by Claudia Graham, PhD, MPH, CDE


Claudia Graham, PhD, MPH, CDE, is Director of Managed Care at Vivra Health Advantage. An exercise physiologist for 14 years, Dr. Graham is also a Board Member-At-Large of the American Diabetes Association, California Affiliate, and co-author of the "The Diabetes and Sports Exercise Book". Q. How important is exercise for people with diabetes?

A. It's absolutely critical. Basically, it's a natural way to control blood glucose. By maintaining an optimal weight, the body becomes more sensitive to the insulin it produces. Therefore, people with type I diabetes may not need to take as much external insulin to lower their blood sugar. Also, exercise helps reduce cardiac disease risk factors, which are very high in the type II population, as well as control high blood pressure and make the bones and muscles function stronger. Similarly, in the type I population, exercise helps maintain ideal body weight and reduces cardiac disease risk factors.

Q. What about research which states that exercise can reverse certain types of complications?

A. Exercise can prevent or delay the onset of some complications, alleviate uncomfortable symptoms, and help you cope with life when you have complications. For example, many type Is have neuropathy. Exercise won't reverse the nerve damage, but by strengthening the muscles where the neuropathy is, it allows you to function more independently.

Exercise can reverse peripheral vascular disease, in which constricted blood vessels do not supply enough blood to the legs, resulting in painful charley horses. A prescribed interval walking program, if done consistently, will force the growth of new vessels--and new blood supply--to the leg.

Q. What types of problems should people with diabetes be aware of when exercising?

A. First off, the benefits far outweigh the problems, so don't be afraid to exercise. That said, there are a number of general safety precautions you should be aware of. For people taking insulin, the biggest concern is hypoglycemia. It's not always easy to get the blood sugar balance right, between what to eat, how much insulin to take, and how much to exercise. Don't exercise if your glucose is low; and if you're exercising for more than an hour, you should probably eat some carbohydrates or discuss decreasing your insulin dosage with your physician. Self-monitoring of blood glucose is the key to understanding the effect of exercise on your blood glucose, as well as to ensuring your safety.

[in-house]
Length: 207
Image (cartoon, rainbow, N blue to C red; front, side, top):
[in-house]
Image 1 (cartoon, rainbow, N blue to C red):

In type IIs, exercise can exacerbate an existing, underlying cardiac condition. People who are over 35, are inactive, or have had diabetes longer than 20 years should get a stress test and a risk profile.

Q. The right amount of exercise differs from person to person. How can you tell if you're working hard enough?

A. Focus on duration, not intensity. Technically, you want your heart rate elevated to between 60% and 80% of your maximum age-adjusted heart rate, depending on your doctor's directions. But I also follow a rule of thumb that I call "conversational intensity:" exercise at an intensity that you can carry on a conversation. If you're exercising with a friend and trying to carry on a conversation, but you're huffing and puffing, slow down a little bit! You're working too hard. On the other hand, if you're able to sing, you need to step up the pace!

The "hidden benefit" of exercise is that it can lower your blood glucose for 12-24 hours after exercising. Just remember to monitor, because reactions can also come late. But if you incorporate exercise into your regular routine, eventually your glucose will remain lower, and perhaps you can cut back on your medication--that's what we want to shoot for.

Q. Any final words of wisdom?

A. You don't have to run the Boston Marathon! A little bit is better than nothing at all. The benefits may take a little while to come, so don't expect a miracle overnight. The most important thing is to just do it. Know your risk factors, but get out there and have fun!